The following is adapted from a lecture delivered at Hillsdale College on September 11, 2012, during a conference on “The Supreme Court: History and Current Controversies.”
What are we to take away from these essential reflections on the nature and requirements of religious freedom?
First, human beings are by nature truth-seekers and truth-responders. If we are to live fully integrated lives, making our relationship to the truth a central part of our being and character, then we must respond to the truth as we understand it, and order our lives around it.
Second, thanks to the fallible character of our minds, we grasp the truth in common with some of our fellows and differently from others. But it does not follow from our conviction of the truth, shared with others, that we who agree acquire a right to compel others who disagree. Persuade yes, compel no.
Third, religious communities form an essential element in the civil societies formed by men. They are as natural and as organic as families. Their integrity and freedom come near to being as important as that of the individuals of which they are composed.
Fourth, the power of government, necessary as it is to maintaining a shared moral order, is the creature and not the creator of men’s rights, and the servant, not the master of our private relations in our families and religious communities. It has no jurisdiction over belief; it cannot properly legislate or adjudicate questions of religious duty or the validity of requirements of conscience. This is not to say that the government may never inquire into whether a claim of religious conviction is sincere. Nor must the state yield entirely to every sincerely presented claim. In the words of Dignitatis, the “objective moral order” that calls for “good order and . . . true justice” will trump claims that threaten the public peace or the rights of others.
But—fifth—short of such cases, the state should respect, honor, and even foster the role of religious communities and institutions as essential contributors to civil society. In crucial respects they are expressions of something still more basic to the flourishing of the human personality than is the political order itself.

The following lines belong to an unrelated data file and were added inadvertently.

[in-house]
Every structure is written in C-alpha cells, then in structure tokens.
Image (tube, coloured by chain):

The modern secular state errs in viewing religious communities as subordinate—whether as handmaidens of government, rivals for people’s allegiance, or as mere interest groups in elections and public policy debates. Subordination of the religious to the political tends to sever, in the minds of policymakers and judges, the link between individuals and the various expressions of religious community that enrich their understanding of the truth, animate their peaceful encounters with their fellow citizens who have different understandings, and inform the reasonable basis of our objective moral order.
We can see many of these problems in the HHS contraception mandate. In its administrative rulemaking, the Obama administration presumes to define what forms of religious community are religious enough to merit the state’s definition of “religious employer,” and thus to qualify as a genuine claimant of an institutional conscience. Even its promised “accommodation” would treat religious colleges, hospitals, and charitable ministries as second-class religious institutions. Genuine religion, it seems to say, is mere sabbath-keeping by individuals who attend the church of their choosing. And a family like the Newlands, insofar as it is engaged in a business, is utterly subject to the plenary power of the state. The creative gift of the Newland family—their business enterprise—does not fully belong to them, to be governed by their conscience. Their entrepreneurship must be severed from their faith, as though they can be Catholics only in church on Sunday. And the Obama Justice Department has the nerve to argue that the Newlands are “imposing their religion” on their employees!
Here we see one of the characteristic moves of the modern secular state: the effort to push the vital institutions of civil society aside—in this case, its religious communities and the unique role they play in the lives of citizens. Richard John Neuhaus understood this nearly 30 years ago in The Naked Public Square: “Once religion is reduced to nothing more than privatized conscience, the public square has only two actors in it—the state and the individual.” And he added that “a perverse notion of the disestablishment of religion leads to the establishment of the state as church.”
At one of this summer’s national political conventions, we heard the startling statement that “government is the only thing we all belong to.” In that understanding, the civil society and the communities to which government is responsible are left out. As a crotchety old Hollywood actor observed at the other convention, “We own this country . . . politicians are employees of ours.” He did not have religious freedom in mind, so far as I can tell. But his principle is sound for our purposes. Individuals of faith, joined in communities of faith, forming a civil society imbued with the many faiths of those many communities, own this country. The state’s authority comes from us, and its power—the power of our elected employees—cannot be greater than what we can rightfully give it. We cannot give the state power over the conscience of men and women, because we do not ourselves have any right to come between God and our fellow citizens. The sooner our elected employees remember these foundational truths, the sooner we may begin to recover a healthy notion of religious freedom.